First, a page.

A group of media members gathered around Joakim Noah at the United Center earlier this week, hoping for the Bulls center to offer a few philosophical pearls or, short of that, anything that might fill time on newscasts or answer the insatiable appetite of social-media addicts. An “it is what it is’’ would have been gobbled up.
This was hours before the team announced that Noah would not play that night against the Hornets. The culprit was “general soreness,’’ which was unfortunate because I had already accused Colonel Mustard. Anyway, although he couldn’t play, Noah did manage to come up big when it mattered.
“I still think we’re the toughest team to beat in a seven-game series,’’ he told reporters.
Now, this is the sort of thing Noah has said before, and there are elements of truth to it. The Bulls are a pain in the butt even in small, one-game doses. Playing them seven straight times would be like using sandpaper for soap. Noah is a proud man and a big believer in whatever team he plays on. That’s how he was put together, and here’s hoping he never changes.
But … no. The Bulls are not the toughest NBA team to beat in a seven-game series right now. Not with the shaky health of the roster and certainly not with Derrick Rose’s problematic knees and fuzzy future.
There is a lot to love about these Bulls. Nikola Mirotic’s breakthrough. Pau Gasol’s scoring. Jimmy Butler’s two-way toughness. Tom Thibodeau’s coaching. Noah’s heart.
But until Rose can be counted on to play at a high level every game, the Bulls are a car with starter issues. That’s not to say that they can’t be what Noah says they are. It is to say that, after riding the Rose roller coaster for so long, you’re better off believing it when you see it.
Who are the toughest teams in a seven-game series? This is going to kill the people who view LeBron James as a Sith Lord, but the Cavaliers, for starters. In the NBA, talent is king, and Cleveland has LeBron, Kyrie Irving and Kevin Love. Heading into the weekend’s games, they were 14-4 since the All-Star break. On Wednesday, they blew out the talented Grizzlies by 22 points. This is the time of year when James’ teams typically jell.
The Warriors are 34-2 at home. Assuming they’ll have home-court advantage throughout the playoffs, it’s going to be difficult for anyone to get to a seventh game with them. You say that Golden State, with Steph Curry and Klay Thompson, is only about offense? As of Friday afternoon, the Warriors were leading the league in opponents’ field-goal percentage at a paltry 42.4 percent.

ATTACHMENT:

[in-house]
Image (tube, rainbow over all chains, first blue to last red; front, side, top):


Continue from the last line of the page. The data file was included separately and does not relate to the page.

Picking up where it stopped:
I’d rather face the Bulls than the Grizzlies in a seven-game series. The idea of trying to stop Zach Randolph and Marc Gasol in the paint would give me night sweats.
Before you accuse me of treason, know that I believe the Bulls are a tougher out than Atlanta, Houston, Portland, Dallas, the Clippers and Oklahoma City. But here’s that pesky proviso again – as long as Rose’s game is solid upon his return. It’s unrealistic to think that he can miss six weeks after meniscus surgery and immediately be the player he was before he left. That Derrick Rose wasn’t the MVP Derrick Rose, but he was good enough to make opponents pay attention. If he’s close to that, this can be a dangerous team.
When Noah lauds the Bulls’ toughness, he’s complimenting Thibodeau, whether he means to or not. Thibs is the kind of guy who makes players (both his and other teams’) want to scream, “Would you please give it a rest?’’ There might even be some front-office people who mumble that very phrase.
The same relentlessness can be seen on the floor — maybe not as much as previous Thibs teams have shown, but it’s still there. While talking with reporters, Noah pointed out that the Bulls’ defense isn’t where it needs to be. He’s right. It can’t be with Pau Gasol on the floor. But the potential is there to tighten the screws defensively in the playoffs.
Back to the subject of health. Noah’s knee has been an issue most of the season. Rose’s knees have been an issue much of the past three seasons. Butler recently returned after missing 11 games with an elbow injury. A lot has to go right for Noah’s pronouncement to be true.
For the moment, file it under “defiant hope.’’